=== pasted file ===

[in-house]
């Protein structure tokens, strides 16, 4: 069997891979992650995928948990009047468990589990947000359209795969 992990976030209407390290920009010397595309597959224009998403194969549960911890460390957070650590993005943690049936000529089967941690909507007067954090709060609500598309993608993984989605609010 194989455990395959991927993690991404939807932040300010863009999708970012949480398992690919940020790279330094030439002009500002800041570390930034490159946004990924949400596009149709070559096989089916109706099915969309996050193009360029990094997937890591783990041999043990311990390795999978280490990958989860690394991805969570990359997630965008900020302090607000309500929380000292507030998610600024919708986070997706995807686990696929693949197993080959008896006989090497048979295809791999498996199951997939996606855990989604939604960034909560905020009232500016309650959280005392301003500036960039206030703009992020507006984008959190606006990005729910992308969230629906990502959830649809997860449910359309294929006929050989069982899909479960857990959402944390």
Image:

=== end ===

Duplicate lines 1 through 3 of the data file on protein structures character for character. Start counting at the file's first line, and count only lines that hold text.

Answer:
[in-house]
């Protein structure tokens, strides 16, 4: 069997891979992650995928948990009047468990589990947000359209795969 992990976030209407390290920009010397595309597959224009998403194969549960911890460390957070650590993005943690049936000529089967941690909507007067954090709060609500598309993608993984989605609010 194989455990395959991927993690991404939807932040300010863009999708970012949480398992690919940020790279330094030439002009500002800041570390930034490159946004990924949400596009149709070559096989089916109706099915969309996050193009360029990094997937890591783990041999043990311990390795999978280490990958989860690394991805969570990359997630965008900020302090607000309500929380000292507030998610600024919708986070997706995807686990696929693949197993080959008896006989090497048979295809791999498996199951997939996606855990989604939604960034909560905020009232500016309650959280005392301003500036960039206030703009992020507006984008959190606006990005729910992308969230629906990502959830649809997860449910359309294929006929050989069982899909479960857990959402944390």
Image: